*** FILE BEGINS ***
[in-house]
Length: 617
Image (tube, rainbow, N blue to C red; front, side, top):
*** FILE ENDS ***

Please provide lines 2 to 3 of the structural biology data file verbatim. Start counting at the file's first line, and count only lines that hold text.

Length: 617
Image (tube, rainbow, N blue to C red; front, side, top):